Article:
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Aylmer Island, ON  Lighthouse destroyed.   

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Aylmer Island Lighthouse

Aylmer, located on the north shore of the Ottawa River, is a former city in the province of Quebec that was amalgamated into the city of Gatineau in 2002. Just west of Aylmer and just over the Quebec-Ontario border that runs through the middle of Ottawa River is found Aylmer Island.

In 1883, the Department of Marine established a light on Aylmer Island along with five other places along the Upper Ottawa River as noted in the department’s annual report for that year:

Six new lighthouses on the Upper Ottawa River, at the following points, via.:— At Aylmer Island, in Lake des Chenes; Baskin’s Wharf, Lake des Chenes, about 12 miles above Aylmer; Buckom’s Point, in the same Lake, about 16 miles farther up the Ottawa; Morrison’s Island or Hawley’s Island, about 3 miles below Pembroke, and McQuestion’s Point, on the south shore of the Deep River, about 25 miles above Pembroke. In each case a fixed white light is shown from a small dioptric lantern, hoisted to the top of a mast, having a small shed at its base.
Francois Boucher was appointed the first keeper of Aylmer Island Light at an annual salary of $100. On the morning of November 21, 1895, Keeper Boucher left Aylmer to attend to the light on Aylmer Island. While he was there, the wind kicked up and delayed his return until later that evening. Some men near the old Cormier Mill noticed a boat with a man in it jammed in the loose ice in the river. With great difficulty, the men were able to get close enough to the boat to throw a line to Keeper Boucher and draw him ashore. The newspaper account relating this incident says that Keeper Boucher was “half frozen and more dead than alive” when rescued.

The Department of Marine established an enclosed lighthouse on Aylmer Island in 1898:

The rough, cheap, temporary building, from which a light was shown, was blown down last spring, and has been replaced by a substantial building from which a light was first shown on the 10th October last.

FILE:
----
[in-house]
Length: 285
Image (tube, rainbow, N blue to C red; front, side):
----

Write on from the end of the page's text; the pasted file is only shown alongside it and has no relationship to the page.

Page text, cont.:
The lighthouse stands on the summit of the small island, near its north-west extremity, and is 1 ½ miles above Aylmer village wharf. It is a square, enclosed, wooden tower, with sloping sides, surmounted by a square wooden lantern, and is painted white throughout. It is 34 feet high, from the ground to the vane on the lantern.

The light is a fixed white light, elevated 52 feet above the summer level of the lake, and should be visible 10 miles all around the horizon. The illuminating apparatus is dioptric, of small size.

The work was done in a very satisfactory manner by Mr. F. Bourgeau of Aylmer, whose contract price was $485.

Francis Boucher took over responsibility of Aylmer Island Lighthouse in the spring of 1907. He looked after the light until 1922, when E. Sowter was made its keeper. In 1908, a 360°, fifth-order, French lens was placed in the lantern room of the lighthouse.

In 2021, a white, cylindrical tower with a green upper portion was displaying a flashing green light on Aylmer Island.

Keepers: Francois Boucher (1882 – 1906), Francis Bouhcer (1907 – 1922), E. Sowter (1922 – at least 1923).

References

  1. Annual Report of the Department of Marine, various years.

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